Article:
Parallax just finished a large campaign for La Jolla Country Day. It was a great project and has been well received so far. We also were able to use the relatively new Eames Century Modern typeface from House Industries and we are all pretty big fans. I posted about its release almost a year ago now here, so it was a lot of fun to get to see it in action. It is functional yet fun and interesting just like the work of the design power couple. The typeface is not inspired by actual lettering done by Charles and Ray but applies their style and ideology to its letterforms. Check out some of the work done for La Jolla Country Day and learn more about the Eame’s legacy in this TED video. Continue reading →
We have recently moved our office to Encinitas and as we build and make this space our own I have been thinking about other successful transformations I have seen. The type wall from the CBS building sticks out in my mind. Lou Dorfsman was the art director for CBS from 1947 to 1987. In his time there he did many amazing things, but the Gastrotypographicalassemblage, as it became known, is one of the most impressive. Continue reading →
At Parallax we are usually not fond of filters or plug-ins, but on an upcoming project a client requested that we use the AKVIS Sketch Plug-in. At first we were unsure, but after looking into the plug-in we changed our mind. We felt strongly that the plugin should not become a focal point of the design, but wanted to use it here and there for support. The range of options and adjustments that can happen allowed us to have a lot of control over the plug-in to achieve the results we desired. Check out AKVIS to see some of their other plug-ins and see some images of an upcoming project. Continue reading →
Everyone at Parallax has been working hard creating a few of the graphics for Qualcomm’s big 25th anniversary bash that hapenned on 9/23. Qualcomm was very generous and invited us to the party as a thank you for our hard work, and they definitely know how to throw a party! Dave Matthews even showed up and played a live set with Tim Reynolds! All of us had a great time, check out the pictures below. Continue reading →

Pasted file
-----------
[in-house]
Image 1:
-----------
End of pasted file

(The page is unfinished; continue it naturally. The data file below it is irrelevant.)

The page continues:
In the middle of July I spent a week in NYC taking a class through the School of Visual Arts Continuing Education program titled: Turning Letters into Type. It was an intense 5-day workshop to learn the ins and outs of creating a typeface from the ground up. I went into the course knowing that it would be overwhelming, but I had no idea how much there was to learn and absorb in 5 very long days. The class was taught by Sara Soskolne a senior designer at Hoefler and Frere Jones who was so patient, friendly and very knowledgeable. Continue reading →
Originally – “Above the fold” is a design term that refers to the location of an important news story/article/photograph/etc. that is on the upper half of the front page of the newspaper. The fold, these days more often times refers to the bottom of a web page – as to what can be seen without having to scroll.
For years, our clients, advertisers and our design team has been concerned and cautious about designing above the fold. But that theory and mindset, we believe is changing on a daily basis. The hierarch of content is what leads the user through the site, and these days, that falls more often below the fold.
We decided to do a little research.
First we found research from Clicktale, a leader in web analytics and usability. Their conclusion was that total page length is not a strong factor in terms of how many people will scroll below the fold or reach the bottom of the page.
Here are a few interesting numbers:
The average location for the fold is between 430 and 860 pixels down on the page.
• 76% of people will scroll below the fold.
• 15-22% of people will reach the bottom of the page.
• 64-68% of people will reach the halfway point of a page.
• 91% of pages are long enough to require scrolling.
After reading this we decided to do a little more of a “hands on” research approach to the fold question. We decided to look at the 13 most popular sites as of September 1, 2010 and see just how many fell below the fold. We took a look at Google’s Top 13 most visited sites on the web. Keep in mind that the list excludes adult sites, ad networks, domains that don’t have publicly visible content or don’t load properly, and certain Google sites.
Here they are:
60% fell below the fold. And 100%, like Google, fell below the fold after one click.
The conclusion? Designing below the fold is not just okay, but becoming the norm. STILL that depends on the intended audience/user and how the user needs to digest the information. Key points to think about are: Where does the focal point need to be? What is the hierarchy of information and how will the user flow through each page – and where do you want to lead them.